In January, 1987, my wife and I were working in staff positions in the U.S. Senate in Washington D.C. when we attended a service at the Washington National Cathedral to commemorate the life and legacy of Dr. Martin Luther King Jr.
Amid the grandeur of the gothic architecture, the voices of a choir echoed and attendees listened to the interfaith readings that represented the universal goodness and equality of humankind. A rabbi read from the Torah, an imam from the Koran, a pastor from the New Testament and an LDS leader from The Book of Mormon. As idealistic college students, it was an image and an associated feeling of peace we remembered as a model for a tolerant America. It was an America to which we felt included.
Fast-forward to 2008. In many quarters my faith is under attack as Americans consider a Mormon for president, and I wonder about that inclusion. One recent author said he felt marginalized if Mitt Romney is denied the presidency simply or primarily because of his faith. Another has explained that it seems like it is open season on Mormons.
The LDS rhetorical landscape today is filled with mean-spirited words. Words like cult, un-Christian, weird and racist grate on anyones inclination toward civility and tolerance. However, many LDS members take it in stride, a recent AP story shows.
Along with the oft-referenced polls that say many would not vote for a Mormon president, there is a more troubling misunderstanding about religious freedom in the United States. Just 56 percent of Americans believe that the freedom to worship as one chooses extends to all religious groups, regardless of how extreme down 16 points, from 72 percent in 2000, according to the State of the First Amendment 2007 report released in September 2007. Americans seem to have a problem with religious tolerance and a basic understanding of the religious freedom clause of the First Amendment.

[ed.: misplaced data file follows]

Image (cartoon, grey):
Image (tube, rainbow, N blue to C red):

In the context of the intolerance of the presidential campaign, Ive been yearning for that feeling I had that evening 21 years ago in the marbled sanctuary in Washington. I think I found some of that in a recent review of media opinion (please note that the review here centers on opinion writing which is expected to have a bias rather than news reporting which is expected to be balanced).
For example, consider the recent work of Denver Post columnist Gail Schoettler and Chloe Oliver in the Hattiesburg (Miss.) American. Schoettler said that the media needs to get past the trivial in the coverage of presidential politics, while Oliver reminds readers that those who propose to save us from a monster must be careful as they employ their tactics. Otherwise, they may become the monster they seek.
Its heartening that religious writers have expressed similar sentiment. Although it didnt get much traction among Mormons at the time it was published in December, I stumbled upon this column by Abraham H. Foxman, national director of the Anti-Defamation League.